If the bug has anything to do with Samba behaving incorrectly as a server (like refusing to open a file), then the log files will probably be quite useful. Depending on the problem, a log level of between 3 and 10 showing the problem may be appropriate. A higher level gives more detail, but may use too much disk space.
To set the debug level, use the log level in your smb.conf . You may also find it useful to set the log level higher for just one machine and keep separate logs for each machine. To do this, add the following lines to your main smb.conf file:
log level = 10 log file = /usr/local/samba/lib/log.%m include = /usr/local/samba/lib/smb.conf.%m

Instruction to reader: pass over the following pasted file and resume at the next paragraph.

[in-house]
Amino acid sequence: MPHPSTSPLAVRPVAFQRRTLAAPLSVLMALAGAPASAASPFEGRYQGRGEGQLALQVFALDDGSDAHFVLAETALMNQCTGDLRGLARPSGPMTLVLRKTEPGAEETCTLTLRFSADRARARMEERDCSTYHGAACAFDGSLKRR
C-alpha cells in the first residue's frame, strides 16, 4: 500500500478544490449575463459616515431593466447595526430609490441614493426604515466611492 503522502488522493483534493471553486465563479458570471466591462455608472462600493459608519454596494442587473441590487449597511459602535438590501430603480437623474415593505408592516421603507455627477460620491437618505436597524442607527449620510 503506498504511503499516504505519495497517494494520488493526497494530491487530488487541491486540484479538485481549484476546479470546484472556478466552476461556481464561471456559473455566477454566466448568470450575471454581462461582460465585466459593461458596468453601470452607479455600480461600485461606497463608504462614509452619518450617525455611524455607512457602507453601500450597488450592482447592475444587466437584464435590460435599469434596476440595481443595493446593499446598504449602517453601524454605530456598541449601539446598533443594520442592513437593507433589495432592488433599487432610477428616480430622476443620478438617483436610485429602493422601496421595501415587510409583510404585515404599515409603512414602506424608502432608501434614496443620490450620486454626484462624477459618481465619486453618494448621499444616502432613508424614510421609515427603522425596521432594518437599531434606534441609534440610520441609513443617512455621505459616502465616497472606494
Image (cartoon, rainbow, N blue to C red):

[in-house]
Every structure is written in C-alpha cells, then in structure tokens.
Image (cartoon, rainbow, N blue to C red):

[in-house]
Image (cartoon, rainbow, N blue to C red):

and create a file /usr/local/samba/lib/smb.conf. machine where machine is the name of the client you wish to debug. In that file put any smb.conf commands you want, for example log level may be useful. This also allows you to experiment with different security systems, protocol levels and so on, on just one machine.
The smb.conf entry log level is synonymous with the parameter debuglevel that has been used in older versions of Samba and is being retained for backward compatibility of smb.conf files.
As the log level value is increased, you will record a significantly greater level of debugging information. For most debugging operations, you may not need a setting higher than 3 . Nearly all bugs can be tracked at a setting of 10 , but be prepared for a large volume of log data.